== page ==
With the huge range of tiles on offer, a tiled splashback behind a basin (or a stove) can act as a style hero in your bathroom (or kitchen), as well as offering a host of practical benefits, from its durability to protecting your wall from splashes and making the area easy to clean.
And the best bit? You can do it yourself with just a few tools and a free afternoon.
You will need:
- Tape measure
- Wall tiles
- Tile trim
- Tile spacers
- Spirit level
- Horizontal wooden batten (optional)
- Tile adhesive
- Notched spreader
- Ready-mixed grout
- Grout float or squeegee
- Grout smoother
- Silicone sealant
How to tile a splashback:
1. Work out the width
Measure the basin’s width and mark the centre point on the wall – draw another centre point at the top of the area to be tiled, and draw a vertical line between the two. Then work out the width of the splashback in whole tiles, plus spacers and edging strip. Lay out the tiles and spacers flat to work out the full width.
2. Line up and level
Use a spirit level to see if the basin is straight. Start by lining up the centre of the first tile with the centre line. If it’s not even, fix a horizontal batten above the basin to create a starting point. Centre it on the vertical line and position the top edge half a tile from the basin. Check it’s level.
3. Get stuck in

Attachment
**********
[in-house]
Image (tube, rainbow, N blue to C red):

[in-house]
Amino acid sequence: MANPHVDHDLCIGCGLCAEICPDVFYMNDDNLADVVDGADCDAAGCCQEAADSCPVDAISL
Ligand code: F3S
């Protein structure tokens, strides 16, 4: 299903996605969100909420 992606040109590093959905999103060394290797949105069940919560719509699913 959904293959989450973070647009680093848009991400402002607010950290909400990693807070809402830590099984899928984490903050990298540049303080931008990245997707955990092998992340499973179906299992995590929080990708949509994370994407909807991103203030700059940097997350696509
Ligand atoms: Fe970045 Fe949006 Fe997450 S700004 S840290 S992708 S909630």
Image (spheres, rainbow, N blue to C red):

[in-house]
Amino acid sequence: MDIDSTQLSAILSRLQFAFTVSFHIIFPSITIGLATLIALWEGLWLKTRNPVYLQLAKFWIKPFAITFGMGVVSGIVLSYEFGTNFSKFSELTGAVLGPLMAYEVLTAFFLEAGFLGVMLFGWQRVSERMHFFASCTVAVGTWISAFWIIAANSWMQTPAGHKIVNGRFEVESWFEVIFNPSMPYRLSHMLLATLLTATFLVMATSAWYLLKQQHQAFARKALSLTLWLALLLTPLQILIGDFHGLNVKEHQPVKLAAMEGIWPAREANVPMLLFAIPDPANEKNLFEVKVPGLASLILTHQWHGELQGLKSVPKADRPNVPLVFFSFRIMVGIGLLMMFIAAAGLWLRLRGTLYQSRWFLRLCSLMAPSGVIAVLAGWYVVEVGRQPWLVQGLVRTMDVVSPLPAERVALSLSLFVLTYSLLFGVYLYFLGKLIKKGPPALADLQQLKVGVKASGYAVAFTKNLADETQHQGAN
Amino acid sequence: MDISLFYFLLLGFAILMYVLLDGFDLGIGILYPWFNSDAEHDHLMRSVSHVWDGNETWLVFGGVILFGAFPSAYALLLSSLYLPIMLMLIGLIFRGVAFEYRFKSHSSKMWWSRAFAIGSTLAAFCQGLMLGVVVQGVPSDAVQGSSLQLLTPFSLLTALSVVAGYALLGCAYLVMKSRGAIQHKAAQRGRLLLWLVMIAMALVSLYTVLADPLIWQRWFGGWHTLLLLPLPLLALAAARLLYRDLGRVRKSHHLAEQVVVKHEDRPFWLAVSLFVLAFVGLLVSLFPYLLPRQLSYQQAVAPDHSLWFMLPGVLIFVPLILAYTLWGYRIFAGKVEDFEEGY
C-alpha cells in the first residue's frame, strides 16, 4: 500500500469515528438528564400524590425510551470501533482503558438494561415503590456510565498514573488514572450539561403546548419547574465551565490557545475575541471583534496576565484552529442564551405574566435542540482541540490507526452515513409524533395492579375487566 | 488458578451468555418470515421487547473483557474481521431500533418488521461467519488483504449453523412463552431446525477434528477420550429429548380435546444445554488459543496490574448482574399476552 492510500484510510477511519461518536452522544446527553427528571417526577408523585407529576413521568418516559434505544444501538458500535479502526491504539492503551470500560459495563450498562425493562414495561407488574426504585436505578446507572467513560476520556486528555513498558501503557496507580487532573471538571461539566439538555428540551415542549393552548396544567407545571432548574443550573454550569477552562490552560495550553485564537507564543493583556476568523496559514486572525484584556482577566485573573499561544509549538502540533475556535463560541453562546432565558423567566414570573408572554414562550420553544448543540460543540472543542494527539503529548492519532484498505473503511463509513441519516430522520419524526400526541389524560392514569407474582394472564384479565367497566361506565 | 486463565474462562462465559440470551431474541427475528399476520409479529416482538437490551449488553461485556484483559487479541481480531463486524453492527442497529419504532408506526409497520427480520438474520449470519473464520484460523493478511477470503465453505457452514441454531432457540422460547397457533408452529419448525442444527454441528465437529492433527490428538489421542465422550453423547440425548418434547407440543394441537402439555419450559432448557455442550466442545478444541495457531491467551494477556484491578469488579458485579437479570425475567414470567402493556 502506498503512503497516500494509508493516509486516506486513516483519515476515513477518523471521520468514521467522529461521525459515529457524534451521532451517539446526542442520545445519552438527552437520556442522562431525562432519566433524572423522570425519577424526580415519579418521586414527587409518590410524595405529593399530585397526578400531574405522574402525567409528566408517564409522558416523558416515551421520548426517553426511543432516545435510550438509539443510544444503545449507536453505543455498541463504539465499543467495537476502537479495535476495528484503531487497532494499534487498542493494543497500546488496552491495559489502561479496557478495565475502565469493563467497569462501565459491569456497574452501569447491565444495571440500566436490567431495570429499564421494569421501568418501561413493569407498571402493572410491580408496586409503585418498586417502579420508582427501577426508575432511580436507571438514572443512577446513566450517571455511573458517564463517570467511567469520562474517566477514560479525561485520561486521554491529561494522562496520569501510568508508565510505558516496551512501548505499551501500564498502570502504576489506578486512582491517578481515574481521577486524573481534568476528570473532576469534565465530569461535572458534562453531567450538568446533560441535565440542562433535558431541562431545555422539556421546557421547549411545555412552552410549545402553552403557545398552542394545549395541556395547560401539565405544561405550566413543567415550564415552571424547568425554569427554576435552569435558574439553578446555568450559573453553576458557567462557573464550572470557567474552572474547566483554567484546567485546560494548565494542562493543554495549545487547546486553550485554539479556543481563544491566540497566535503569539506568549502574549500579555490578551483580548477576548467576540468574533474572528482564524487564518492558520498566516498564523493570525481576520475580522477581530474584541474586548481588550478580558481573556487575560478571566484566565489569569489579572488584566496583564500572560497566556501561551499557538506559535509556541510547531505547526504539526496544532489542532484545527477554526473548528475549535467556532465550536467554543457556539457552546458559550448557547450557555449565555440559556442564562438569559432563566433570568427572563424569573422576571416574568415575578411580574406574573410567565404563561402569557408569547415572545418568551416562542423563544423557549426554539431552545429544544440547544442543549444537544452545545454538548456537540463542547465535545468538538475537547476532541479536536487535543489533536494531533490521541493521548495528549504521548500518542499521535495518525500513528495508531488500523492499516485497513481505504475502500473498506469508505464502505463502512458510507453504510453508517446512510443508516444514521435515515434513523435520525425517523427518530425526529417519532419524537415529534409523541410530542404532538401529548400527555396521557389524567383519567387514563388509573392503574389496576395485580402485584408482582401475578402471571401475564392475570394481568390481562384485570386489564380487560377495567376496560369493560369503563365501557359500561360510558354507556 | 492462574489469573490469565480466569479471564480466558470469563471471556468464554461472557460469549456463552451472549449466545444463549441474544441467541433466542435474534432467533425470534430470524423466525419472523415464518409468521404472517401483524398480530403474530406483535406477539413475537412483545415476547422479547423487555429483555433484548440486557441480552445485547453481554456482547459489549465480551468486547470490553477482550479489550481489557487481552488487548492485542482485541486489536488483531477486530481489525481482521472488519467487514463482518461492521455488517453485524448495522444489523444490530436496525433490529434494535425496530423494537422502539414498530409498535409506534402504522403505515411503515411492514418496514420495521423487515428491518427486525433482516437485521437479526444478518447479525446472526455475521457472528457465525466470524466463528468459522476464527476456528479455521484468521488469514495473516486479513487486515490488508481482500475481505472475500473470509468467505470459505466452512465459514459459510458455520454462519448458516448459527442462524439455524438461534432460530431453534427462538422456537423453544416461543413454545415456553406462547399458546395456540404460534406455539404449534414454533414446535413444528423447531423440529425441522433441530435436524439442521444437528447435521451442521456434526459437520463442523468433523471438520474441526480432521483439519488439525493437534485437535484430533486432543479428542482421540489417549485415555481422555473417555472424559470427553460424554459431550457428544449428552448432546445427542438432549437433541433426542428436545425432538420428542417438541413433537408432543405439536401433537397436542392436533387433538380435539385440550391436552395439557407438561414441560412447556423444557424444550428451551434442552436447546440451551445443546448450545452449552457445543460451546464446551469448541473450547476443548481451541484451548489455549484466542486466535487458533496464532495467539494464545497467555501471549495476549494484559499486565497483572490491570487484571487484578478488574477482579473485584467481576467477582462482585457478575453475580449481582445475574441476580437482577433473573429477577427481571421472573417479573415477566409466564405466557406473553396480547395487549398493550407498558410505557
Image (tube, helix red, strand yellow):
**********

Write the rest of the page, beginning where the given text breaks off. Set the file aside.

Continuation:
Spread adhesive in horizontal strokes, using a notched spreader. Working from the centre, place your first tile, pressing it firmly against the wall. Add a tile above it and one next to it, spacing them evenly and pushing them firmly into the adhesive. Continue until you’ve tiled the whole area, wiping off any stray adhesive as you go.
4. Fill in the gaps
Put spacers into the corners between the tiles, adjusting the tile positions as needed. Push them in firmly, flush against the wall so you can grout over them. When all rows are tiled and the adhesive has set, remove the batten (if using). Cut and fix the remaining tiles into the bottom gap.
5. Get the grout out
Starting bottom left, press a small amount of grout on to the face of the tiles using a trowel. Using a grout float, work it into the joints, in long, upward diagonal strokes. Once all the joints are grouted, immediately wipe the tiles with a slightly damp sponge to remove excess.
6. Clean and seal
As the grout hardens, neaten the joints with a grout smoother. Let the grout dry. As it does, a powdery film will appear on the tiles – wipe with a soft, clean cloth. Run a bead of sealant along the tiled area. Smooth and leave to dry.
Read more: Quick & easy kitchen revamp ideas